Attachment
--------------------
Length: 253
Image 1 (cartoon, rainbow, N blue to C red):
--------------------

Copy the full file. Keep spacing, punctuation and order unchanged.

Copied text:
Length: 253
Image 1 (cartoon, rainbow, N blue to C red):